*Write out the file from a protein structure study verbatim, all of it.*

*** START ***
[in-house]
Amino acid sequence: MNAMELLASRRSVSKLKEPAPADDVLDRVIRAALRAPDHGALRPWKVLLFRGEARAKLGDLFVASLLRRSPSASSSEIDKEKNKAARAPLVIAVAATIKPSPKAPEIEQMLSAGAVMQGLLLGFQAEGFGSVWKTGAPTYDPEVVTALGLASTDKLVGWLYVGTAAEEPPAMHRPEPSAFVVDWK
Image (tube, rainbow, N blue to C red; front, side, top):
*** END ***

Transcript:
[in-house]
Amino acid sequence: MNAMELLASRRSVSKLKEPAPADDVLDRVIRAALRAPDHGALRPWKVLLFRGEARAKLGDLFVASLLRRSPSASSSEIDKEKNKAARAPLVIAVAATIKPSPKAPEIEQMLSAGAVMQGLLLGFQAEGFGSVWKTGAPTYDPEVVTALGLASTDKLVGWLYVGTAAEEPPAMHRPEPSAFVVDWK
Image (tube, rainbow, N blue to C red; front, side, top):